Train up a child…(Proverbs 22:6)

I don’t know what my parents were thinking when they were raising us back in the late 60s, 70s and 80s, but I think they did a splendid job.  Their day-to-day state of being impacted not only how we treated each other at home, but it also extended to how we treated others outside of our family.  I believe their faith in God and adhering to the principles set forth in the Word about the husband/wife relationship and parent/child relationship contributed to our relational development as well.

I used to always hear my father say, the best time to instil proper values in a child is before the age of 7, when they can distinguish between right and wrong.  I think the age has even been dropped to 5 years.  I have also learned by experience that every 7 year period in our lives presents different growth opportunities.  What you do with them determines the evolution of your character.  What you do with those growth opportunities determine who people will encounter on your journey at point and time.

My father’s theory was that if good values were not encouraged during those formative and highly impressible years (3 mths to 7 years), and when most of their time is spent with you, then it will be difficult to do later on when other influences are present.  Check this link out for an informative read.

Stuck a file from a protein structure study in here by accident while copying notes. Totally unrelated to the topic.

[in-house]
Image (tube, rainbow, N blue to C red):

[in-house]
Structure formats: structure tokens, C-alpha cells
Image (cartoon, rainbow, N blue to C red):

Parents we ought to seize the teachable moments even as our children develop into teenagers and young adults.  And they will be more receptive if we teach in love.  Sometimes they may appear to not like what you are saying, but it will register.  “Dedicate your children to God and point them in the way that they should go, and the values they’ve learned from you will be with them for life.” (Proverbs 22:6 TPT) What’s most important is that you are preparing them to live with others – a room mate or a life partner. 

Id Camp, Imperial College, London 2018

Over the course of twenty years I discovered things about myself and my husband that I didn’t like. Whenever my son would display some negative trait that I’d experienced or seen before, I would use that moment to begin breaking and utterly destroying those tendencies. I employed that strategy against generational bents and vices as well, backing up our little talks with fervant prayer.

Let me echo what I captioned above and make it personal. Why should my child have to suffer through the nuances, bad habits and negative behaviors of your child just to be in a relationship with her?And some may say that at the end of the day that’s his choice. But my other question to you is, did you think that you were raising her to live with you for the rest of your lives? Hmmm.

Parents, I admonish us all to consider these questions and try to be more conscious as to how we raise our children. Some lessons may stick while others may not. But do your best. Doing our own personal familial homework now, ensures a better chance for our children to enjoy better and more fullfiling relationships in the future. Shalom and much love.

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